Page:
Vladimir Kramnik lost the sixth game of his match against the computer prgoram Deep Fritz today. He thereby lost the match by a score of 4-2.
The finla game saw the super sharp Najdorf Variation of the Sicilian Defense. This was in stark contrast to the careful positional play of the earlier games. The computer managed to prove, once again, it’s general superiority in tactical positions. The machine played the opening in somewhat bizarre fashion, and did not appear to have much advantage out of the opening. But it was able to keep up the pressure, and seized on a few sloppy moves by Kramnik to bring about a winning endgame. An impressive game by the machine.
I don’t know how many of the matches we will see in the future. Certainly the point is made that the top computers now play chess better than the top humans. The New York Times has a good summary of things:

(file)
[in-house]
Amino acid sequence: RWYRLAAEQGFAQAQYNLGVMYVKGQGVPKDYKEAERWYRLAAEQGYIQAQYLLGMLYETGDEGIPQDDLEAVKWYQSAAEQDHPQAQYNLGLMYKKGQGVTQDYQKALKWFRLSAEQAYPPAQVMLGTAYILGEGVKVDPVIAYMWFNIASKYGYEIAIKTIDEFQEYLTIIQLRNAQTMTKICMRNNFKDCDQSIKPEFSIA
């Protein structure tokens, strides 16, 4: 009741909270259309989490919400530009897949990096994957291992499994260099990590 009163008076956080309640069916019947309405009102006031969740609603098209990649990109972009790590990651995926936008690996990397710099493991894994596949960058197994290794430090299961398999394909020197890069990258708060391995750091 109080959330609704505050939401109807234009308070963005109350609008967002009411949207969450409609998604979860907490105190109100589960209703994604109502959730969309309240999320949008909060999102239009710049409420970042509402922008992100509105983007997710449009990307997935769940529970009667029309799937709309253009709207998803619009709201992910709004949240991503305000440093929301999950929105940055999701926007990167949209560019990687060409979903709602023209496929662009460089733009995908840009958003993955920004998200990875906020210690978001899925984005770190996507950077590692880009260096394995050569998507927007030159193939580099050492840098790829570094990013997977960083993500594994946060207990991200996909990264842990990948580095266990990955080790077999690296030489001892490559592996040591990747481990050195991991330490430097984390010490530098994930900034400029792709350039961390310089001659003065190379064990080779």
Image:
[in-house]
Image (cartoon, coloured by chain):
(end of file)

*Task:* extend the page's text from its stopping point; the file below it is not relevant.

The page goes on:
Today’s outcome may end the interest in future chess matches between human champions and computers, according to Monty Newborn, a professor of computer science at McGill University in Montreal. Professor Newborn, who helped organize the match between Mr. Kasparov and Deep Blue, said of future matches: “I don’t know what one could get out of it at this point. The science is done.”
Mr. Newborn said that the development of chess computers had been useful.
“If you look back 50 years, that was one thing we thought they couldn’t do,” he said. “It is one little step, that’s all, in the most exciting problem of what can’t computers do that we can do.”
Speculating about where research might go next, Mr. Newborn said, “If you are interested in programming computers so that they compete in games, the two interesting ones are poker and go. That is where the action is.”
I’m not sure if Go really holds much interest from a computer programming standpoint, since it is ultimately the same sort of game as chess. But a computer that can play poker well would be a bit creepy!